• learning new material
    • following oral instructions, or
    • using reason and judgment to make decisions.

Note that Social Security assesses a child's mental functioning based on the child's ability to perform age-appropriate activities. For example, a nine-year-old isn't expected to have the same capacity for reasoning or decision-making as a pre-adolescent or teen.

Getting Disability for a Child Because of Functional Limitations

If your child's antisocial traits don't meet or equal the disability listing for personality disorders, Social Security will move to the step of looking at all of your child's functional limitations as a whole, including any other medical conditions your child may have. The SSA will also examine whether the child is limited in all environments or only in certain places, such as home or school.

Functional Limitations Social Security Considers

Your child could qualify for disability benefits by "functionally equalling the listings" if they have documentation of severe restrictions in two (or an extreme limitation in one) of the following six "domains" of functioning:

  • obtaining and using information
  • focusing on and finishing tasks
  • relating well with others (for example, does your child struggle with forming friendships?)
  • physically moving around and handling objects
  • performing personal care (for example, looking out for cars and being cautious before stepping out on a crosswalk), and
  • your child's overall health and physical state of being (for example, is your child generally healthy?).

Example of a Child's ASPD Disability Claim

Let's look at the hypothetical case of Tim, a 16-year-old boy who has been diagnosed with conduct disorder and likely has antisocial personality disorder as well. Tim engages in risky behavior, such as trying to steal cars and vandalizing school property. Furthermore, Tim has displays of anger and is suspicious of others.

Tim has difficulty making close friends and regularly fights with other students at school. He's been expelled from one school for fighting. As such, Tim likely has an extreme limitation in the domain of relating well with others.

Tim's psychiatrist has given him medication for his condition. But the medication causes Tim some daytime sleepiness and affects his ability to focus on schoolwork during the day. Thus, Tim could also have a moderate limitation (less than severe) in the second domain of focusing on and finishing tasks.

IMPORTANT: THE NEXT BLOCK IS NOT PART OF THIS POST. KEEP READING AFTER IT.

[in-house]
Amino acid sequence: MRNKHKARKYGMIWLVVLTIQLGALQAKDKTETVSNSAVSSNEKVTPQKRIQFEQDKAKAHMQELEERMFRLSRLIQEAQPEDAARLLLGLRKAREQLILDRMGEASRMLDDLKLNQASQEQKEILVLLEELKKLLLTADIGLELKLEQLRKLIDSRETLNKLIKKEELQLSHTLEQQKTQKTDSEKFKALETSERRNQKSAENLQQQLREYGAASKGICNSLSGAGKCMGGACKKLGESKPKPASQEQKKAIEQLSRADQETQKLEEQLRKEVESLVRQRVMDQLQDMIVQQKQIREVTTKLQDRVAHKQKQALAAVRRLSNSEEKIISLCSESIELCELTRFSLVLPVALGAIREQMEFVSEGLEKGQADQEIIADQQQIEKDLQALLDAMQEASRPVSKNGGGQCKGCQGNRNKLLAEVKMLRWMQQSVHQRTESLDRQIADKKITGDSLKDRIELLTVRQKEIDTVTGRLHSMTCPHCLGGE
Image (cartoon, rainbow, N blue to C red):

Tim could be found disabled if the medical evidence supports that Tim acts out in these ways as a result of his personality disorder and that he'll still have these limitations despite the use of medications and psychological counseling.

Getting Disability Because ASPD Keeps You From Working

If you're an adult with antisocial personality disorder but don't meet the requirements of the listing, you might still qualify for disability. You'll need to show that you can't work because of your ASPD.

If you don't meet a listing, Social Security will create a mental residual functional capacity (RFC) assessment for you. Your mental RFC will contain information about your mental limitations—specifically those that make it difficult for you to hold down a full-time job.

For example, someone with ASPD would likely have trouble functioning in a work environment if the person is:

  • unable to control their emotions
  • preoccupied with perfectionism
  • easily angered, or
  • frequently absent or late for work because of a disregard for the rules.

It can be difficult to hold down a job if your mental condition prevents you from responding appropriately to supervisors or customers. And ASPD symptoms like poor anger management or impulse control might negatively affect your ability to interact with coworkers and customers and significantly affect your decision-making process.

Antisocial personality disorder and some of the medications used to treat it can also affect your productivity at work. For instance, extreme perfectionism might cause you to miss deadlines constantly. Or you might have trouble focusing on work because your medication makes you sleepy or foggy-headed.

You might qualify for disability if ASPD makes it impossible for you to be productive at any kind of job. Learn more in our article on qualifying for disability because of reduced productivity.

Applying for Disability for Antisocial Personality Disorder

Adults can apply for SSDI or SSI in one of three ways:

Applying for SSI for a child is a two-step process. First, you must let Social Security know you want to file a child's application. You can notify the SSA you want to apply for SSI for a child by completing an online questionnaire or filing an online child disability report. You can also contact your local Social Security office or call the number above.

Once you notify the SSA of your intent to file a child's application, Social Security will contact you with an interview appointment where you'll complete the application process (by phone or in person).

Getting Help With a Disability Claim for ASPD

It can be challenging to get disability benefits for an adult or child based on antisocial personality disorder, conduct disorder, or oppositional defiant disorder (ODD). You'd likely benefit from consulting with a disability lawyer.

It generally costs you nothing upfront to hire an attorney to help with your claim. Disability lawyers are paid from the back payments you or your child will be entitled to receive if Social Security grants benefits. You may be able to find a disability lawyer who will provide a free consultation with you about your chances of getting benefits.

Updated March 27, 2024